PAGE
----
It always surprises me when people ask if eating a vegan diet is expensive. One of my primary motivators for eating a veg-centric diet is cost. As Americans, we are so removed from where our food comes from, and the true costs that are incurred to raise animals responsibly and to process them “humanely.” Buying meat that comes from factory farms is not something I’m willing to participate in, and though I hope if you do choose to eat animals you opt for those bearing the American Humane Certified seal, I would much rather you consider limiting or eliminating animal proteins from your diet.
To stay on budget I do a lot of shopping in the bulk section. Many grocery stores and co-ops have extensive bulk bin selections, and I go nuts…literally! I especially love the nuts, grains and dried fruits in the summer time. These provide a basis for great main-course salads. I’ve included these recipes as guide, but I encourage you to get creative. Mix whatever fresh veggies you see at your local farm stand, and throw on a creative vinaigrette.
TGIF Wheat Berry Salad
(serves 2-4 as a main dish)
1 cup wheat berries
¼ c. dried cherries
¼ c. chopped pecans
2 Tbsp. chopped chives
1/3 c. chopped yellow bell pepper
¼ c. chopped radish
2 Tbsp. chopped parsley
Bring 2 cups of water, and a pinch of salt to boil. Add 1 cup of wheat berries. Bring to a boil, then cover and turn down to simmer. While this is cooking dump all other ingredients in a bowl. Pour dressing over this and let sit until wheat berries are done. Wheat berries take about 30 minutes, and should be firm and a bit chewy to the tooth. Let the grain cool then mix in with other ingredients.
1 Tbsp. Dijon style mustard (make certain it is vegan as some has eggs)
¼ c. white wine vinegar
Pinch of salt
Chopped herbs (I used dill as it’s what I had)
½ c. olive oil
Fresh ground pepper
Mix mustard, vinegar, salt and herbs together well. Get a wire whisk, or a hand mixer and start drizzling in the oil. Another great method is to put all ingredients in a jar and just shake like crazy.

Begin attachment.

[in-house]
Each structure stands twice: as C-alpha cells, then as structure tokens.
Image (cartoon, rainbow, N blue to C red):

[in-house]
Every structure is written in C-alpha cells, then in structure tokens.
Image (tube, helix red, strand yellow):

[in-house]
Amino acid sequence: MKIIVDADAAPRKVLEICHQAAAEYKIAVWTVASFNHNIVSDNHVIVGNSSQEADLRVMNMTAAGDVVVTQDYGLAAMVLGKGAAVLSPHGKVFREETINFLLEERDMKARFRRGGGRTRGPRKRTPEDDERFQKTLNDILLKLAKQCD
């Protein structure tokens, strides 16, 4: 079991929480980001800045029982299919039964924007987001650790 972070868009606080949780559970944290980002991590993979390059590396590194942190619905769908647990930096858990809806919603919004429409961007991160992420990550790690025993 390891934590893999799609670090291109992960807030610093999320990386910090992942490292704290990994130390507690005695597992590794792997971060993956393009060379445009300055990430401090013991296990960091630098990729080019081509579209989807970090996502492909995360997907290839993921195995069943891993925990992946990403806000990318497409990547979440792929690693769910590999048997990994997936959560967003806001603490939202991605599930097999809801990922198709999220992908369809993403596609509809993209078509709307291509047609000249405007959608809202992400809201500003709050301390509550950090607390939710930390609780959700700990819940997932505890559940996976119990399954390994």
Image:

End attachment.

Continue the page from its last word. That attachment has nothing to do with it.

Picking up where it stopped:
Tabbouleh with Mint and Pistachios
(from Vegetarian Times, 2008 - serves 6)
1/4 c. fine bulgur
3 Tbsp. lemon juice
1/4 tsp. agave nectar
1 1/3 c. finely chopped pistachios
1 c. finely chopped curly parsley
1 small cucumber, finely chopped
1 medium tomato, finely chopped
4 green onions, finely chopped
1/3 c. finely chopped fresh mint
3 Tbsp. olive oil
Place bulgur in large bowl and add 1/3 cup boiling water. Let stand 5 minutes. Stir in lemon juice and agave, and let stand 5 minutes more, or until all liquid is absorbed. Fluff bulgur with fork, and stir in remaining ingredients. Season with salt and pepper.
(this is a really high-protein grain, thus a grain you really want to get comfortable with)
1 c. quinoa
1 1/2 c. cold water
1/2 tsp salt
1 c. snow peas, shell peas, celery, or green beans
1 - 2 small carrots, peeled and sliced thin
1/2 green or red pepper, sliced thin
1 medium ripe tomato
1 medium cucumber, peeled and diced
1/4 c. chopped fresh parsley, cilantro, or basil
1/2 c. chopped walnuts, toasted sunflower seeds or toasted cashews
Options: Chopped scallions, dried unsweetened cranberries, raisins or apricots, Greek olives, minced jalapeno pepper, fresh mint
Soak the quinoa 15 minutes in cold water. Rinse well, pour off most of the water and drain through a fine mesh strainer. Place in medium pot with the water, salt and oil. Bring to a full boil. Cover the pot, let boil another minute, turn the heat down to simmer, and cook for 15 minutes. Remove from heat and allow to sit five minutes with lid on. Fluff gently with a fork and set aside to cool. Steam the carrots and green vegetables for 5 minutes or until tender-crisp, drain, rinse in cold water and drain again. Chop the tomatoes, herb and cucumber. Blend dressing ingredients with a whisk or shake in a jar. Gently combine veggies, walnuts, quinoa and dressing in a large bowl. Cover and chill.
Dress with 2 Tbsp. lemon juice, ¼ cup of olive oil, a pinch of salt and some ground pepper. I also add a little garlic and fresh herbs, if available.